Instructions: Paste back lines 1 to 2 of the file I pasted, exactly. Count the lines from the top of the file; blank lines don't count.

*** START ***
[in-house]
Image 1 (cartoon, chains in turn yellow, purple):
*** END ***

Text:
[in-house]
Image 1 (cartoon, chains in turn yellow, purple):